The meter begins at $40 million and it will be running fast and furious in terms of how much money Hurricane Michael will cost Florida taxpayers
Gov. Rick Scott, in securing a Major Disaster Declaration from President Donald Trump Thursday in the wake of the historically vicious storm, noted in a letter to the Federal Emergency Management Agency (FEMA) that the state “has expended close to $40 million on response costs alone.”
Scott requested federal funding for 100 percent of the cost for debris removal and emergency protective measures for the first 60 days and, afterwards, a 90-percent federal cost share.
Meanwhile, the death toll from the hurricane rose to 11 overnight as five hurricane-related deaths were being reported in Virginia. Four other deaths have been recorded in Florida, and one each in Georgia and North Carolina.
Hurricane Michael, which came within 2 mph of being a Category 5 storm, came ashore near Mexico Beach on the Florida Panhandle just before 3 p.m. Wednesday before ripping into southeastern Georgia and the Carolinas.
While the storm was brutal to everything in its path, it moved quickly and did not dump the deluge of rain that has characterized many recent hurricanes. It was more reminiscent of 2004’s Hurricane Charley, the last category 4 storm to strike Florida.
Initial estimates indicate Michael’s overall economic impact may not be as severe as last September’s Hurricane Irma, which did not pack the same wind ferocity, but moved slowly and caused more widespread flooding and damage.
Irma left more than $100 billion in economic damage in Florida, according to Moody’s Analytics, although that number is still being calculated and, as it will be with Michael, could take years to put a firm figure on.
By mid-afternoon Thursday, at least six people had been reported dead in the storm’s wake, including five in Florida, where officials feared far more casualties because so few people took refuge in shelters. Most storm-related injuries and deaths do not occur during the actual event, but in its aftermath.
More than 1.1 million homes and businesses in the storm’s shredded path were without electricity Thursday, including about 388,000 in the Panhandle where the region’s two electrical utilities, Duke Energy and Gulf Power, were deploying nearly 23,000 emergency workers from 15 states.
Gulf Power warned some parts of its electrical grid may need to be rebuilt.
“In the hardest hit areas, the possibility exists that we will be rebuilding our system while we are restoring power,” Gulf Power spokesperson Jeff Rogers said. “Customers in the high impact areas could be without power for weeks.”
Meanwhile, the first raw estimates of how much of an economic hit the state’s economy will suffer beyond the $40 million already spent by the state are beginning to surface.
Scott, in his letter to FEMA, estimated the impacts to just two of the affected counties — Bay and Franklin — would “alone meet the $27 million threshold” for federal assistance.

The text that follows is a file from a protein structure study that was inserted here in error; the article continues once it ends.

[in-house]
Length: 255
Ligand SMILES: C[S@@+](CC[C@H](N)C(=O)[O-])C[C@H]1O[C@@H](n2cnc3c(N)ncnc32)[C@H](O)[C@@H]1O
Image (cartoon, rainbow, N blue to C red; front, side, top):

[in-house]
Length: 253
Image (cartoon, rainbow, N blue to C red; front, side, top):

Accuweather, citing U.S. Army Corps of Engineers’ computer models, predicted Michael's total damage and economic impact will approach $30 billion, which would make it one of the 10 costliest hurricanes in U.S. history.
A preliminary estimate by Artemis, which analyzes data on catastrophe bonds and insurance-linked securities, forecasts the damage in Florida alone would top $16 billion, although its model was based on 145 mph winds, 10 mph below Michael’s peak.
Artemis said Citizens Insurance, the state’s property insurer of “last resort,” would be among insurers “deemed most at risk of losses from Hurricane Michael’s impacts.”
Universal Insurance Holdings, FedNat Insurance, Heritage Insurance Holdings, Security First, United (UPC Insurance), Florida Peninsula, HCI, Progressive, State Farm, Tower Hill, USAA, AIG, Chubb, Allstate and Liberty Mutual could also face significant claims, according to A.M. Best, which provides financial data analysis and services for the insurance industry.
Michael was estimated to potentially cause more than $10 billion in losses for insurers, according to Wells Fargo Securities.
“Anything above $10 billion [in damage] would result in a meaningful hit to some ILS [insurance-linked securities] and collateralized reinsurance positions,” Artemis states, meaning homeowners could see higher insurance rates when renewing policies.
Although Michael will cause a statistical “blip,” Bloomberg senior economist Yelena Shulyatyeva said he “does not anticipate a sustained impact from Hurricane Michael at the national level.”
On a local level, however, it is unknown how hard the Panhandle’s tourism and real-estate sectors will suffer as peak winter season nears. The region attracts 17 million visitors a year to its beaches.
According to VISIT FLORIDA, the state's official tourism marketing corporation, last September’s Hurricane Irma — which was much larger in size and much slower, dumping far more water than the fist of fury that was Michael — “cost” the state 1.8 million fewer out-of-state visitors in 2017, resulting in a total economic loss of approximately $2.5 billion.
When the state legislature will officially assess the damage and forge policies to respond could begin after the Nov. 6 election when interim legislative committees are scheduled to stage pre-session organizing meetings in December and January.